Showing posts from October, 2016

2017 FNPS Conference: Connections: Above & Below

submitted by Donna Bollenbach Connections:   What an all-encompassing term! It implies links, associations, bonds, assemblies, and networks. But it also refers to the way things relate and interact. So, when destiny took us to Westgate River Ranch Resort, a venue in heart of the state and the historic Everglades Watershed, choosing “Connections” for the theme of the 2017 Florida Native Plant Society seemed natural.  Historically, the Headwaters of the Everglades watershed flowed like a sheet of water that moved through grasslands and prairies to the Everglades. This flood plain filtered the water of its impurities, like the heart oxygenates blood, before delivering it to the other parts of the land body. But the natural path of water has been greatly altered resulting in water that is nutrient-contaminated and being rechanneled to our east and west coasts, causing a host of environmental problems that have a negative impact on plant communities, wildlife, our health and econom

Discovering Grassy Waters Preserve

Richard Brownscombe, Coontie Chapter Ilex cassine, Dahoon Holly (female)  and Taxodium ascendens, Pond Cypress Last month James Lange, Researcher and Field Biologist at Fairchild Tropical Botanic Garden, took us on a wonderful walk in Grassy Waters Preserve just an hour north of Fort Lauderdale in West Palm Beach. This wetland is an example of doing the right thing to build a sustainable urban environment. The naturally clean waters of the preserve are supplying the drinking water for West Palm Beach and helping keep the aquifer healthy. At the same time, all these wetland plant and wildlife species have a place to thrive and townsfolk have easy access to this beautiful place. The facilities of the parking lot, restrooms, picnic tables, waterside deck, canoe and kayak launch, rain shelter, benches, and boardwalk, say "Welcome. Enjoy." We were so fortunate to have "our botanist", James, along to name the plants and point out many interesting things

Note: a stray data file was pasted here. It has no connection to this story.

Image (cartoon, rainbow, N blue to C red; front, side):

My Habitat Garden: Attracting Butterflies, Bees, Birds, and Other Forms of Life in Zone 9a

By Bill Berthet, Ixia Chapter Garden pathway In the year 2000, with the help of Ron Davis (Butterfly Gardens, Jacksonville) and plants from Edith and Stephen Smith (Shady Oak Butterfly Farm, Brooker) I started to transform my newly purchased property into a Northeast Florida pollinator habitat. The many benefits of gardening include: stress-relief, moderate-intensity exercise, hand strength and dexterity (wearing gloves helps prevent fire ant bites) brain health, risk reduction for dementia, and depression and mental health. Polydamas Swallowtail with chrysalis For me, going through a nasty divorce, gardening was key in bringing more balance to my life. It’s exciting to raise butterflies in your yard. It gives one the opportunity to take witness and share the miracle of metamorphosis with others. Plus, you get a real sense of accomplishment when releasing adult butterflies, increasing their population and diversity in your area. The added bonus is their progeny will vi